The Great Annual Debate is such a cornerstone of the Melbourne International Comedy Festival it’s easy to forget the format of debating was ever meant to be serious.
The idea of two teams taking it in turns to first make persuasive points and then rebuttals just seems destined for comedy and the sold-out audience for its 30th year, plus camera crews recording it for future broadcast, would seem to confirm that.
This year’s subject was ‘Should we switch off the Internet?’, with Philip Wang leading the team for the affirmative, along with Rhys Nicholson and Rosie Waterland, and the negative team led by Felicity Ward joined by Tom Allen and Aaron Chen. Adjudicating duties fell to Claire Hooper (The Pineapple Project), whose introduction turned out to be a fairly tight argument for the affirmative (“The internet is 51% cats and 49% pussy” she said, before comparing it to a sewer).
Opening speaker Phillip Wang is rather brilliant. With his polite English mannerisms and quietly self-deprecating style he can be smutty while still seeming awfully sweet. He argued the Internet had failed at everything it was meant to provide and now its only reason for existence is “to destroy the human race and to sell me dick pills”.
Felicity Ward, now living in England, cited long-distance phone calls, online shopping and life before the Internet as a key reason to keep it: “We had something back in the ’90s called boredom – don’t bring that back again.”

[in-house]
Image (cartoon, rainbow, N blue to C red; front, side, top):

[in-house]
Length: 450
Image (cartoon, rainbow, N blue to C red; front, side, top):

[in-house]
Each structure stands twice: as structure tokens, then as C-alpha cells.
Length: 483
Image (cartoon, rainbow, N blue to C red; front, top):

Rhys Nicholson, whose red hair, high cheekbones and bowtie have become a signature look, provoked gasps by showing school photos of himself with chubby cheeks and a pageboy haircut. “How can you reinvent yourself if the Internet hoards your past?” he asked.
Tom Allen, the sharply dressed Brit with an even sharper tongue, cited achievements such as Boaty McBoatface and an official ranking of the best biscuits as prime reasons for keeping the Internet.
Rosie Waterland (What's Going On) blamed internet porn for causing erectile dysfuncion and forecast it would cause the demise of the human race, before the unpredictable Aaron Chen explored the idea of rebuttal while his mind raced around a million other ideas, each prompting a surreal series of scatty non sequiturs.
Spoiler alert – if you don’t want to know which side won, stop here, but the brilliant closing song from Felicity Ward seemed to be the clincher. Plus both sides probably did their research on Google anyway.
Tickets to The Great Debate always sell out early so if you want to be part of the great tradition next year, get in early and buy up big. No matter the topic or who’s on the team, it’s bound to be epic; that’s how comic debates roll.
Melbourne International Comedy Festival presents
The 30th Annual Great Debate
Venue: Melbourne Town Hall | 100 Swanston St Melbourne VIC
Dates: 07 April 2019
Tickets: $38 – $59